Food v. Fuel Revisited

[imgbelt img=2605112989_c68f960ac9_z.jpg]There’s no reason farms can’t produce both food and fuel. They always have, after all.


here and here.

The authors argue that adding to agricultural output can result a more “efficient” use of existing agricultural resources; using appropriate technology could decrease carbon dioxide emissions and increase the carbon content of agricultural soils.

They note that most agricultural land in the US is “used for animal feed, NOT direct human consumption.” They assert, “Cropland is currently not used efficiently; we actually have more than enough land.” Their solution is to identify new technologies for animal feed and improved productivity of land.

The Michigan State researchers consider several new technologies as a part of their analysis: “ammonia fiber expansion (AFES) pretreatment to produce highly digestible (by ruminants) cellulosic biomass and leaf protein concentrate (LPC) production.” Simply put, these technologies produce both animal feeds (that meet the “three feed requirements—digestible energy (calories), protein, and rough fiber”) and feedstock for cellulosic production from corn grain, corn stover, and cellulosic biomass crops. This model also plans on double cropping about one-third of the land.

Their analysis shows that by using these technologies in the U.S. we can produce ethanol that meets 80 percent of the energy equivalent of imported crude oil while also producing the same amount of animal feed now consumed in the US. In addition this technology would remove 670 Tg of carbon dioxide equivalent per year from the atmosphere.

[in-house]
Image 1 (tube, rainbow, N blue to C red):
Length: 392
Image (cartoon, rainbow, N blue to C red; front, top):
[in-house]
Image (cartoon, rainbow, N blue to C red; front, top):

They conclude:

“The U.S. is the world’s largest petroleum user and also a significant exporter of agricultural commodities. Our analysis shows that the U.S. can produce very large amounts of biofuels, maintain domestic food supplies, continue our contribution to international food supplies, increase soil fertility, and significantly reduce [greenhouse gasses].

“If so, then integrating biofuel production with animal feed production may also be a pathway available to many other countries. Resolving the apparent ‘food versus fuel’ conflict seems to be more a matter of making the right choices rather than hard resource and technical constraints. If we so choose, we can quite readily adapt our agricultural system to produce food, animal feed, and sustainable biofuels.”

Daryll E. Ray holds the Blasingame Chair of Excellence in Agricultural Policy, Institute of Agriculture, University of Tennessee, and is the Director of UT’s Agricultural Policy Analysis Center (APAC). Harwood D. Schaffer is a Research Assistant Professor at APAC.